The IPP Workshop Series
May 25, 2016
from 02:00 to 04:00
|Where||Phil I, GCSC, R.01|
|Contact Name||Natalya Bekhta|
|Contact Phone||+49 641 / 99-30 055|
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The Black Atlantic | Lea Hülsen & Isabel Kalous
Theorizing the Black Atlantic
Paul Gilroy’s seminal The Black Atlantic: Modernity and Double-Consciousness (1993) has fundamentally influenced literary and cultural studies. For Gilroy, the Black Atlantic is a transcultural and transnational space characterized by the physical movement of people that crossed the ocean and an ongoing cultural exchange between the people of the African diaspora. Through the transatlantic slave trade – that connected Africa, Europe, and the Americas – people of African descent were scattered throughout the Atlantic world and the experience of trauma and displacement are central to cultural formations of the Black Atlantic. A distinct diasporic consciousness is expressed through the cultural productions of the African diaspora. The Atlantic emerges thus not only as separator but opens up a space that brings past and present histories of the people of the African diaspora together. Examining the transatlantic biographies of artists, authors, and intellectuals, Gilroy presents the history of the Black Atlantic in which black people figure not as victims and human commodities but as autonomous individuals. In this, the history of the Black Atlantic presents an alternative to Euro-American modernity.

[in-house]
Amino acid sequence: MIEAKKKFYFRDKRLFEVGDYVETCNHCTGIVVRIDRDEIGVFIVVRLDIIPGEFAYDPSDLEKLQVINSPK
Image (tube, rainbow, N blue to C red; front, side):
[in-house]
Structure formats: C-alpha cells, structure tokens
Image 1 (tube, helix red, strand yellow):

More than two decades have passed since the publication of The Black Atlantic and it continuous to draw critical attention while also being subject to critique. In this workshop we will take into consideration the historical context from which it emerged and discuss the advantages of the concept of the Black Atlantic and its perspectives on nationality, identity, and diaspora; at the same time, we will look at its limitations and shortcomings.
- Gilroy, Paul. The Black Atlantic. Modernity and Double Consciousness. London: Verso, 1993. Print.